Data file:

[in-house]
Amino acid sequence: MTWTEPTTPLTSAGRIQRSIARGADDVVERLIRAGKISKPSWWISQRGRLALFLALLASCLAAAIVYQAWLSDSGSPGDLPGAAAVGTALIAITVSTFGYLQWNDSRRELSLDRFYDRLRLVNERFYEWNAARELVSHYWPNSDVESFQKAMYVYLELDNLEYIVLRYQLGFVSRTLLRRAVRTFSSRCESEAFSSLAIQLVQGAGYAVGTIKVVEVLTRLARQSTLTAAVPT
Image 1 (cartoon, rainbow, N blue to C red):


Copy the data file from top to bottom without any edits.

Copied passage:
[in-house]
Amino acid sequence: MTWTEPTTPLTSAGRIQRSIARGADDVVERLIRAGKISKPSWWISQRGRLALFLALLASCLAAAIVYQAWLSDSGSPGDLPGAAAVGTALIAITVSTFGYLQWNDSRRELSLDRFYDRLRLVNERFYEWNAARELVSHYWPNSDVESFQKAMYVYLELDNLEYIVLRYQLGFVSRTLLRRAVRTFSSRCESEAFSSLAIQLVQGAGYAVGTIKVVEVLTRLARQSTLTAAVPT
Image 1 (cartoon, rainbow, N blue to C red):